From approximately 4:22 PM until 10:31 PM Eastern Daylight Time, I rooted for a first-place team, albeit one whose claim was staked temporarily and by a mere two percentage points. Still, what a wonderful six hours and nine minutes it was…particularly the part before 7:10.
Then the lights went out. The lights went out on the first-place Mets when those strangers from Detroit elbowed them back into second, and then the lights went out on our street about an hour and fifteen minutes later for two hours and fifteen minutes more. As I sat in the hot and the dark, I forgot what place what the Mets had been in from late afternoon to late evening. I was just trying to grope around our place.
The lights returned around 2:15 AM. The power is back, though the magic may have to wait. It would definitely be a more powerful statement to hail the FIRST PLACE METS at the official end of a baseball business day, but we can’t do that. The frustrating loss to the Tigers means a half-game separates us the wrong way from Atlanta once again. A half-game out on June 25, however, isn’t the worst problem one can have as a Mets fan.
It surely wasn’t a problem I was anticipating when this season began. The Mets have a lot of problems I wasn’t anticipating, actually.
I didn’t know theoretically squeezing Angel Pagan out of center field upon Carlos Beltran’s presumed eventual return would present a problem. For that matter, I wouldn’t have guessed not having Angel for a day or two would seem like a problem. Jesus Feliciano’s nice night notwithstanding, it’s not the same team without Angel. I didn’t think I’d ever mean that in a complimentary fashion, but live and learn. And what ever will we do when our latent phenom Pagan has to go stand in a corner when Carlos comes back? Well, I’ll believe it when I see Carlos Beltran come back. And given that we’re Paganless for just one or two days, I’ll wait until I know he’s 100% healthy to consider four outfielders for three slots is a long-term problem. Angel’s current malady is supposed to be a passing thing, but how many “day or two” situations did we witness in 2009 that became permanent disappearances? It’s a new year, but old problems have a habit of lurking in the recesses of one’s closet of Met anxieties.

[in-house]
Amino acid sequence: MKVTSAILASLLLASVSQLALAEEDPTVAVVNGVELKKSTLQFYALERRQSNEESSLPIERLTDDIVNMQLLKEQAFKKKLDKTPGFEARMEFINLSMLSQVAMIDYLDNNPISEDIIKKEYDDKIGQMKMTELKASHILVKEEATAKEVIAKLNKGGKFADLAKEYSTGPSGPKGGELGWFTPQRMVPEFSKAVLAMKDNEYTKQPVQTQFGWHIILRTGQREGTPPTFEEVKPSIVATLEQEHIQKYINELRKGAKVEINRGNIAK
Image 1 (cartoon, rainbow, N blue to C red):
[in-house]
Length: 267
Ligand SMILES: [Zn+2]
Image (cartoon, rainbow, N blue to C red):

I didn’t know that R.A. Dickey not getting to complete his shutouts, in deference to keeping the closer sharp, would be a problem. Who knew R.A. Dickey was going to be cruising Goose Egg Highway let alone a big league mound? If R.A. isn’t for some reason able to keep up his blistering pace, he’ll be the second-best Met pitcher of 2010 behind the 6-0 R.A. Dickey we all know and love. R.A. Dickey, where have you been all our lives? You don’t have to answer that, it doesn’t matter. You’re here now. I also notice you’re hanging around with our other best pitcher of 2010, Mike Pelfrey. I find that somewhat amusing in that the camera used to find Pelf in the constant company of John Maine the way it now finds R.A. and M.P. making like BFFs. When Jerry Manuel indelicately suggested Maine could expect a role not starting, not relieving, but pitching on “the off days,” it occurred to me that as much as Maine doesn’t deserve a ton of slack, his buddy Pelfrey might find the jibe a little harsh. Nobody likes to see his best friend cut down by the boss, and why screw with Pelfrey’s delicate psyche? But credit Pelf for finding, apparently, a new best friend — one who’s gonna get a start every fifth day, or until he grows an ulnar nerve. (And if Manuel had grown some nerve, he would have eschewed Frankie’s tuneup inning and let R.A. go the distance.)
I didn’t know David Wright’s status in the All-Star voting would be a problem. They gave us Wright Fingers on Wednesday night. Happy to use mine for its intended purpose, but how about a pair of Reyes Running Shoes so we could race to our ballots and click on the right circle at short? I don’t know which Met or Mets will make the National League team and how many of them will fall between the cracks, but it’s always a little strange when the club begins to promote one player excessively and all the others no more than nominally. I realize that’s a function of Wright being the only Met within conceivable striking distance of winning election, but this never works. They tried to promote Rey Ordoñez in 1999 (he was momentarily batting .300 and was forever fielding spectacularly) and it didn’t work. They tried to promote Paul Lo Duca in 2007 (mostly because he remained in contention toward the end) and it didn’t work. I’m all for David, but the problem here is we’re not Milwaukee. We don’t institutionally vote like our civic lives depend on it. It’s almost reassuring that we’re New York and we don’t really care. But it would be more reassuring if the unquestionable sparkplug of the hottest team in the league, Jose Reyes of the New York Mets, got as much love from his employers as his left-side teammate.
I didn’t know not having Jerry Seinfeld in the booth Thursday would be a problem. OK, not a real problem, but I missed having him around. I missed his live performance Wednesday but caught the replay of Jerry’s jubilee on SNY and he was brilliant. Yes! to subtly putting down SNY’s penchant for shows that feature idiots yelling at each other. Yes! to telling the affable Kevin Burkhardt to stop trying to be funny. Yes! to not knowing who’s on the Tigers because why the hell should any of us? The Mets made for his best material in years. These Mets are our best material in years, too. And when we’ve got material like that, one frustrating loss notwithstanding, we don’t have too many problems.